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Will UN Security Council Block ICC Trial of African Leaders?

Kenya's Deputy President William Ruto (R) reacts as he sits in the courtroom before his trial at the International Criminal Court (ICC) in The Hague, Sept. 10, 2013.
The African Union (AU) is set to dispatch a high-powered delegation to the United Nations Security Council (UNSC) to plead with the UN to stop the International Criminal Court from prosecuting sitting African leaders.

The UNSC has the authority to do this under article 16 of the ICC's Rome Statute.

In a press release from the AU, the continental body said it had decided "to set up a contact group of the Executive Council to undertake consultations with the members of the United Nations Security Council, in particular, its five permanent members, with a view to engaging with the UNSC on all concerns of the AU on its relationship with the ICC, including the deferral of the Kenyan and Sudanese cases, in order to obtain their feedback."

They are also appealing to the UN to also defer the trial of Kenyan President Uhuru Kenyatta and his deputy, William Ruto.

Kenyatta and Ruto face charges of crimes against humanity following violence which gripped the country soon after the country held elections in 2007.

Hundreds of people were killed in the violence.

African Union diplomats confirmed to VOA Studio 7 that a high level delegation will be dispatched to New York in a few days.

United Nations diplomats said the AU request is not likely to be adopted as the Security Council is divided over this issue. This is despite reports in the British Telegraph newspaper that Western leaders have reached a deal to have the UN Security Council defer Kenyatta's trial by a year.

President Kenyatta's trial starts in November and he has twice before asked the court unsuccessfully to allow him not to be physically present at all the hearings in the Hague to allow him to continue with constitutional duties during the trial.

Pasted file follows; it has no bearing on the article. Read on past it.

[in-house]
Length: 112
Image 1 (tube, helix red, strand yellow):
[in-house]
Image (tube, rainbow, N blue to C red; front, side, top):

But Ruto told reporters in Nairobi on Tuesday that he will cooperate with the ICC.

Zimbabwean President Robert Mugabe has urged Kenyatta and Ruto not to cooperate with the ICC at the just ended AU summit in Addis Ababa.

Zanu-PF member and lawyer, Munyaradzi Paul Mangwana, said he supports Mr. Mugabe’s stance as the AU is being used by the West to target African leaders.

The International Criminal Court was established in 2002 with the objective of ending impunity for the worst crimes known to humankind: crimes against humanity war crimes and genocide. 139 countries have signed the ICC treaty and 122 have so far ratified it.

The ICC is so far investigating seven African countries namely Democratic Republic of Congo, Central African Republic, Ivory Coast, Kenya, Libya, Sudan and Uganda.

But the Coalition for the International Criminal Court says it must be highlighted that, the ICC is "undertaking preliminary examinations in Colombia, Afghanistan, Georgia, Hondurus, Guinea, Nigeria and the Republic of Korea and is analyzing whether it has jurisdiction over the Palestine territories."